Questions in Bioethics: Genetically Modified Animals, and Now Humans | WYPR

Questions in Bioethics: Genetically Modified Animals, and Now Humans

Oct 13, 2016

Dr. Jeffrey Kahn is director of Johns Hopkins University's Berman Institute for Bioethics.
Credit Johns Hopkins University

Today, we consider some important issues in the field of bioethics.

Tom welcomes Dr. Jeffrey Kahn to Studio A.  Dr. Kahn is the director of the Berman Center of Bioethics at Johns Hopkins University.  Folks in his field think about things like the ethical ramifications of research, how doctors interact with patients, public health policy, and global approaches to things like food distribution and allocation of medicine.  Different approaches have different outcomes, and bioethicists think about those outcomes through the prism of the moral dimension of those choices.

We thought we’d start by talking about the public health issue that has dominated the headlines since this summer.  The Zika virus grabbed the public health spotlight and spread like crazy in certain parts of the world, including an outbreak that has been controlled in the Miami area. One of the approaches to eliminating the virus that scientists are considering involves genetically modifying mosquitoes and then releasing them into the environment. On the surface, it may seem that changing the genetic make-up of some insects shouldn’t be cause for alarm. But like so many of the issues that Jeff Kahn and his colleagues consider, it’s not that simple.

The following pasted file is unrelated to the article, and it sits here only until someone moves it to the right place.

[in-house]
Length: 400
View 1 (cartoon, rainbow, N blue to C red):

Dr. Kahn also weighs in on the topic of babies now being born with more than two biological parents. They actually carry the genetic material of three parents. To the parents who otherwise might not have biological children, the technology that makes this possible is a blessing. But is it a good idea? What are the consequences of these new possibilities? Tom asks Dr. Kahn about framing the questions we should be asking in bioethics, to find the answers we need.